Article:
3. Grow your pack.  The phrase "solo TIger Scout" is a red flag.  You should have 8+ TIger Scouts.  When you start to have a small group, you are stuck with whatever leaders show up.  WHen you have a big group, stronger leaders emerge.    Focus on program and actively look to grow.  Active, fun, well run packs turn into big, active, fun, well run packs.

Best of luck!!!

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On 5/26/2019 at 10:43 AM, ParkMan said:

You could write it down, but I think it would be more effective to discuss it face to face at a leader's meeting.  Once you communicate your expectations, then continue to live them.  If someone is chronically disgegarding them, then ask them to move on.

But, reading the earlier replies, three things I've picked up in my Scouting travels as a unit leader (CM & CC)

  1. Put program first.  Scouts, parents, other volunteers respond when it's about making sure the Scouts are active and having fun.  I am all about Program.  I was a Cub Scout from Wolf - AOL in the early 80s.  I feel like I get it more than a parent that just decided it might be fun to exercise their Pintrest skills. ;)
  2. Raise the bar.  As Cubmaster, you need to challenege the other leaders to deliver the best program in your district.  That you had a Tiger den leader who did nothing is inexcusable.  Half hearted uniforming - same thing.  Vaping in front of Scouts - same thing.  Everyone needs to be looking for ways to make this the absolute best program they can.  Our Tiger DL is excusable.  He is a Police Officer that works all over the 24 hour clock.  He was there but did not understand what was involved I believe.  My Asst Wolf DL was supposed to help and is the one that did nothing to help nor check on progress.  He is also the uniform slacker and vaper.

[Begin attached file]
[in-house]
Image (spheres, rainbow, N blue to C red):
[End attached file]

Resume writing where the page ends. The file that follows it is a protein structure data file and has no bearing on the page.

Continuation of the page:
1. Grow your pack.  The phrase "solo TIger Scout" is a red flag.  You should have 8+ TIger Scouts.  When you start to have a small group, you are stuck with whatever leaders show up.  WHen you have a big group, stronger leaders emerge.    Focus on program and actively look to grow.  Active, fun, well run packs turn into big, active, fun, well run packs.  Our entire Fall recruiting was messed up last year.  The Council decided to do things their way for Join Scout Night.  That way being their representative came in and did a generic recruitment spiel and did NOT let the Pack speak at all.  We were able to "Smile and Wave".  Also, out JSN is at the end of September, this year it is September 26, and school starts for us August 15.  Totally unacceptable in my opinion.  I think we signed up 5 Tigers and one stayed.  4 left before the first meeting.  I have suggested and actively planning a "Scout Show" for the community just after school starts.  We will have stations with Scout skill type activities open to the entire community to come see and DO what Scouts do.  I think it will work better than fast 15 minute spiel.  I also want to make sure we have a few games set up at our community Fall Festival this year to encourage more youths to join.

Best of luck!!!